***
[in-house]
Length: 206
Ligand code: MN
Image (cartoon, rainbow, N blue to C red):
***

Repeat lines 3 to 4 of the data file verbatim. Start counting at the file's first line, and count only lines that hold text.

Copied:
Ligand code: MN
Image (cartoon, rainbow, N blue to C red):